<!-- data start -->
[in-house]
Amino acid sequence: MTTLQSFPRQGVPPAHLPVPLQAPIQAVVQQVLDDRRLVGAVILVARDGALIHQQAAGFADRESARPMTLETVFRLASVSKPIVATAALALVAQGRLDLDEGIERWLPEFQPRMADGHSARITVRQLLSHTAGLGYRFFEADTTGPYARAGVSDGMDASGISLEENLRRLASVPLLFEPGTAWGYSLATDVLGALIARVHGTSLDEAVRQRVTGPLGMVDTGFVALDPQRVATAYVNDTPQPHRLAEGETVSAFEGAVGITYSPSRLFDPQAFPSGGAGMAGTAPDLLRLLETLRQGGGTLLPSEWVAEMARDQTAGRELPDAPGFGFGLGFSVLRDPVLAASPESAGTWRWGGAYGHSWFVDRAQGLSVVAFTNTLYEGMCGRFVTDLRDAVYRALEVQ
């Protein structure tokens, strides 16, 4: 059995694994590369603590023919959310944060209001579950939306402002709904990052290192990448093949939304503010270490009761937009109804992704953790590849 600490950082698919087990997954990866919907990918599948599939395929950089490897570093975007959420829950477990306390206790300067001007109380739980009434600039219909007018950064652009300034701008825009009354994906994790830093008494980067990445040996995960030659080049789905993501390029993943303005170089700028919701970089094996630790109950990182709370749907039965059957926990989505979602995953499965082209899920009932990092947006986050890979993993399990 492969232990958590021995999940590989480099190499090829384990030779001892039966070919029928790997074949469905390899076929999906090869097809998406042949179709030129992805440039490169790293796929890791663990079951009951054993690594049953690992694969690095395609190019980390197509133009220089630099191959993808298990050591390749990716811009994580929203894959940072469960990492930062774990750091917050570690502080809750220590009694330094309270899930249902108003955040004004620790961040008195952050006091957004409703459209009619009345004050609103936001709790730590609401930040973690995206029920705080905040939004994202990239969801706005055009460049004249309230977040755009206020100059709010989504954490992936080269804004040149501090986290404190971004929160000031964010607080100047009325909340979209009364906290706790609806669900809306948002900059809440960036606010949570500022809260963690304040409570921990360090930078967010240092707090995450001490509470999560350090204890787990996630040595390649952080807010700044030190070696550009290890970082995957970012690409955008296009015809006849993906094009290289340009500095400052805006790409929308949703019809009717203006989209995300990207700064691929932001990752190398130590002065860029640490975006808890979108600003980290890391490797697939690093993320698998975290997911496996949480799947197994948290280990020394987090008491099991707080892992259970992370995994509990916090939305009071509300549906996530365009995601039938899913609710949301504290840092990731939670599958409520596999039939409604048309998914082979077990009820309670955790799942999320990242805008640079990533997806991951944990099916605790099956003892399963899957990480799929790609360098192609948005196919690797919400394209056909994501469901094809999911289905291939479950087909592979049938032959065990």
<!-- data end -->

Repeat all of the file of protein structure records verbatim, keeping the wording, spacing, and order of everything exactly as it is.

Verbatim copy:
[in-house]
Amino acid sequence: MTTLQSFPRQGVPPAHLPVPLQAPIQAVVQQVLDDRRLVGAVILVARDGALIHQQAAGFADRESARPMTLETVFRLASVSKPIVATAALALVAQGRLDLDEGIERWLPEFQPRMADGHSARITVRQLLSHTAGLGYRFFEADTTGPYARAGVSDGMDASGISLEENLRRLASVPLLFEPGTAWGYSLATDVLGALIARVHGTSLDEAVRQRVTGPLGMVDTGFVALDPQRVATAYVNDTPQPHRLAEGETVSAFEGAVGITYSPSRLFDPQAFPSGGAGMAGTAPDLLRLLETLRQGGGTLLPSEWVAEMARDQTAGRELPDAPGFGFGLGFSVLRDPVLAASPESAGTWRWGGAYGHSWFVDRAQGLSVVAFTNTLYEGMCGRFVTDLRDAVYRALEVQ
């Protein structure tokens, strides 16, 4: 059995694994590369603590023919959310944060209001579950939306402002709904990052290192990448093949939304503010270490009761937009109804992704953790590849 600490950082698919087990997954990866919907990918599948599939395929950089490897570093975007959420829950477990306390206790300067001007109380739980009434600039219909007018950064652009300034701008825009009354994906994790830093008494980067990445040996995960030659080049789905993501390029993943303005170089700028919701970089094996630790109950990182709370749907039965059957926990989505979602995953499965082209899920009932990092947006986050890979993993399990 492969232990958590021995999940590989480099190499090829384990030779001892039966070919029928790997074949469905390899076929999906090869097809998406042949179709030129992805440039490169790293796929890791663990079951009951054993690594049953690992694969690095395609190019980390197509133009220089630099191959993808298990050591390749990716811009994580929203894959940072469960990492930062774990750091917050570690502080809750220590009694330094309270899930249902108003955040004004620790961040008195952050006091957004409703459209009619009345004050609103936001709790730590609401930040973690995206029920705080905040939004994202990239969801706005055009460049004249309230977040755009206020100059709010989504954490992936080269804004040149501090986290404190971004929160000031964010607080100047009325909340979209009364906290706790609806669900809306948002900059809440960036606010949570500022809260963690304040409570921990360090930078967010240092707090995450001490509470999560350090204890787990996630040595390649952080807010700044030190070696550009290890970082995957970012690409955008296009015809006849993906094009290289340009500095400052805006790409929308949703019809009717203006989209995300990207700064691929932001990752190398130590002065860029640490975006808890979108600003980290890391490797697939690093993320698998975290997911496996949480799947197994948290280990020394987090008491099991707080892992259970992370995994509990916090939305009071509300549906996530365009995601039938899913609710949301504290840092990731939670599958409520596999039939409604048309998914082979077990009820309670955790799942999320990242805008640079990533997806991951944990099916605790099956003892399963899957990480799929790609360098192609948005196919690797919400394209056909994501469901094809999911289905291939479950087909592979049938032959065990």